Evaluation of the Nebraska Dollar and Energy Savings Loan Program
The Nebraska Dollar and Energy Savings Loan Program was designed in 1990 to make low interest loans available to finance home, building and system energy improvements. Loans have been made to residential, commercial, industrial and agricultural customers, typically for heating, cooling, windows, siding or insulation. The Public Policy Center worked with the Raikes School of Computer Science and the Bureau of Sociological Research to examine the economic and environmental impacts of these investments by estimating their annual and cumulative energy savings, measured in dollars and energy use. These impacts were generated through a combination of job and output increases in loan supported sectors and losses in energy production sectors. The program also impacted consumer spending, such that fewer dollars will be available for household spending through the life of the loan. However, more dollars will be available once the loan is completed and energy expenditures fall.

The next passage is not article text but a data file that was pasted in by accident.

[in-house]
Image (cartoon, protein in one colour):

Since energy use depends on weather, the first step in the analysis was to break the state into weather zones. Once the zones were identified, initial samples of loans were developed for each of the major improvement types and each of the customer classes. The University of Nebraska’s Bureau of Sociological Research (BOSR) surveyed individuals from those samples to determine if their businesses, households and/or living conditions changed materially up to 12 months either before or after the improvements and if so, these structures were filtered from the sample. Energy consumption for the filtered samples was obtained from local utilities for the 12 months before and after each improvement and were compared to expected energy use. The combined data allowed us to measure the energy savings associated with each investment, which was then translated into dollar savings. A cost calculator was developed to estimate energy savings in the future.